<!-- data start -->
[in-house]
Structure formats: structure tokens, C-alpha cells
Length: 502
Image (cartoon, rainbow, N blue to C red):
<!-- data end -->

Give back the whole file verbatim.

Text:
[in-house]
Structure formats: structure tokens, C-alpha cells
Length: 502
Image (cartoon, rainbow, N blue to C red):